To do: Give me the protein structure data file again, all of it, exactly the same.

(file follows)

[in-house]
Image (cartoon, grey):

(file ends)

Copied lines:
[in-house]
Image (cartoon, grey):